“Stream” The Obi and Japanese patterns 

Kimonos and obis have various stream patterns, but many are rapid flows.
The Japanese archipelago has a mountain range with a height of 1000 to 3000 m running like a spine and is divided into the Pacific side and the Japan Sea side, so the overall length compared to rivers in Europe and the United States is very short and flows fast.

The Joganji River flowing through Toyama Prefecture has an elevation difference of about 3000m from the headwater to the river mouth. The river is only 56km long. One of the fastest rivers in the world. In the Meiji era, a Dutch engineer dispatched for the construction of the river reportedly said, “This is not a river. It is a waterfall.” The flow of this river felt very fast compared to the slow flowing European river.

The Japanese compared stream as a change in life, starting with a drop of water, the source of life, creating a large flow and pouring into the sea. There, we combined various motifs such as bridges, plants, flowers, water birds, water wheels, fishing gear, and fans.

The Fukuro Obi as above is with patterns of waterfall,rapids and deep pool.Various flows of the river are pictorially expressed with flowers and birds.

Various flows are pictorially depicted in the limited space of this obi, but such a diverse landscape can be seen in a short and steep Japanese river.However, the riverbank is full of seasonal flowers, so it is a very decorative design rather than a natural scenery.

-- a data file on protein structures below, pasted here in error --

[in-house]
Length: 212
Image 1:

By designing such a flow, a pattern was completed, and it became widely used.The swirling and gently flowing patterns are said to be “kanzemisu” and are popular and elegant patterns.

In this fukuro obi fabric, maple leaves fall and float in the “kanzemizu” the stream expression. It is a summer obi that anticipates autumn and produces coolness mainly in green.

In this fukuro obi, a fantastic flow is depicted using gold and silver threads. A crane dances over the sky. Some parts appear on ice. Very elegant finish.

Before World War II, stream motifs were indispensable in various garments such as Kimono, Haori, and Juban.

To date, strem motifs have been a popular pattern. The next item is crepe silk obiage. The unique relief of crepe expresses running water.